Matt talks to the Duke professor and former UMC bishop about resisting the temptation to close the gap between the Bible’s strange claims and a congregation’s expectations, and about following a really good preacher into a new church.
Mark and Empire: Feminist Reflections, by Laurel K. Cobb. Laurel Cobb interprets the Gospel of Mark from the perspective of three decades of work in international public health and social welfare programs. Weaving themes of poverty, health, and justice work through recent scholarship on Mark and empire, she offers a moving and challenging practical theology of discipleship.
Christian Higher Education: A Global Reconnaissance, edited by Joel Carpenter, Perry L. Glanzer, and Nicholas S. Lantinga. Even where their overall numbers in a society are tiny, Christians often establish their presence and status through the excellence of their schools and colleges.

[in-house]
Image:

If God’s response to Job in chapter 38 were meant only to shut Job up, seven verses would be sufficient. But God is only getting started here, and the exuberance of the rhetoric insists that vastly more is at stake.
Some congregations are increasingly relying on search firms to fill pastoral vacancies. Minister Search, the first such firm, began in 2001. It didn’t have a single client the first year, but now it does searches for 30 to 50 pastoral positions annually. Another firm began in 2010 and has completed 753 placements. Ministerial search firms are particularly popular with independent congregations, which lack a denominational structure for finding candidates. Firms typically charge a congregation about one-third the annual compensation of the hired minister (Chicago Tribune, September 4).